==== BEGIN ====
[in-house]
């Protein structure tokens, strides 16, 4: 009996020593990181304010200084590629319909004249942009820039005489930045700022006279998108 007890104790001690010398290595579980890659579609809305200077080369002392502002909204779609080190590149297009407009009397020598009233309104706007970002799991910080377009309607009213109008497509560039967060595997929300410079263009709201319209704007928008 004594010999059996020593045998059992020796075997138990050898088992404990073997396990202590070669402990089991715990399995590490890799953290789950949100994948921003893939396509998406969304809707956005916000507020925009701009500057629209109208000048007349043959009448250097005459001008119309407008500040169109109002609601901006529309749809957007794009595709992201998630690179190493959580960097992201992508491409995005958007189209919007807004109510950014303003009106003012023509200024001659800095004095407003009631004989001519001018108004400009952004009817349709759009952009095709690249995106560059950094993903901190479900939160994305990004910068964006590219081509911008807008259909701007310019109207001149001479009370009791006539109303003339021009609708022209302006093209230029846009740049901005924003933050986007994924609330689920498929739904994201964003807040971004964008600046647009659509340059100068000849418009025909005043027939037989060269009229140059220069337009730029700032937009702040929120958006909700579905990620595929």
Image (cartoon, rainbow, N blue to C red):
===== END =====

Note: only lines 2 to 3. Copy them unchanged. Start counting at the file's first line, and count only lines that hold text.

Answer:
């Protein structure tokens, strides 16, 4: 009996020593990181304010200084590629319909004249942009820039005489930045700022006279998108 007890104790001690010398290595579980890659579609809305200077080369002392502002909204779609080190590149297009407009009397020598009233309104706007970002799991910080377009309607009213109008497509560039967060595997929300410079263009709201319209704007928008 004594010999059996020593045998059992020796075997138990050898088992404990073997396990202590070669402990089991715990399995590490890799953290789950949100994948921003893939396509998406969304809707956005916000507020925009701009500057629209109208000048007349043959009448250097005459001008119309407008500040169109109002609601901006529309749809957007794009595709992201998630690179190493959580960097992201992508491409995005958007189209919007807004109510950014303003009106003012023509200024001659800095004095407003009631004989001519001018108004400009952004009817349709759009952009095709690249995106560059950094993903901190479900939160994305990004910068964006590219081509911008807008259909701007310019109207001149001479009370009791006539109303003339021009609708022209302006093209230029846009740049901005924003933050986007994924609330689920498929739904994201964003807040971004964008600046647009659509340059100068000849418009025909005043027939037989060269009229140059220069337009730029700032937009702040929120958006909700579905990620595929």
Image (cartoon, rainbow, N blue to C red):